Hammer time: Hawks invite fans to ‘Pound the Pacer’

Proceeds benefitted the Atlanta Hawks Foundation as fans were able to do their part to demolish an AMC Pacer -- after signing a waiver, of course.

ATLANTA — Hawks radio play-by-play announcer Steve Holman signed a waiver, donned a hard hat, pulled on some work gloves and protective goggles and grabbed the sledgehammer.

He was the first one to get a chance to "Pound the Pacer."

Starting at noon before Saturday’s Game 4 of the Hawks’ first-round playoff series with the Indiana Pacers, Hawks fans got three whacks for $5 apiece at an AMC Pacer. (According to a 2007 Time magazine article, the 1978 model of the vehicle, which was produced from 1975 to 1989, was labeled the ugliest car of all time, citing a poll of car enthusiasts.)

"I think anything that gets our Hawks fans excited and ready to go, I think it’s a terrific idea," Holman said. "It brings our people together and our fans have been terrific all year and especially the other night in that game here, even our guys said it was the best crowd they’ve seen and I think it inspired our guys to win and I hope it does again today."

Holman was asked if he did any damage to the car, which was painted in the Pacers’ blue-and-yellow color scheme for the event.

"To myself, no?" he said. "To the car, I don’t think so either."

FOX Sports South and SportSouth analyst Mike Glenn also participated in the event, as did the FOX Sports South Girls.

The idea was the brainchild of Hawks senior vice president of marketing Peter Sorckoff. He said Hawks vice president of production and creative David Schindler located the car, which had 59,000 miles on it, in Virginia. Sorckoff said before the paint job the car was rendered in "biscuit and centurion red."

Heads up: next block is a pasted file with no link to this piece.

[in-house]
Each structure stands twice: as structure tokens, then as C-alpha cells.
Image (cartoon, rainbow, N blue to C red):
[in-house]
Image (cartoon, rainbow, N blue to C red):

"It’s a good reason to get down to the building early," Sorckoff said of fans, several dozen of whom crowded around to participate and to watch, "and get people in the building earlier. It will be a raucous crowd tonight, there’s no doubt about it."

Proceeds from the event benefitted the Atlanta Hawks Foundation. According to its Web site, the Hawks foundation is dedicated to "improving the quality of life of Georgia youth by inspiring them to develop a passion for learning and a commitment to physical fitness and recreation." Last September, it made a $25,000 grant to renovate a basketball court at a Boys & Girls Club in Marietta.

Phil Gerber was first on line with his son, who was too young to participate. Only those 18 and above were allowed to participate after signing the waiver.

"I really want to beat the Pacers really bad," Gerber said, "It might be one way to take out a little fan aggression right there."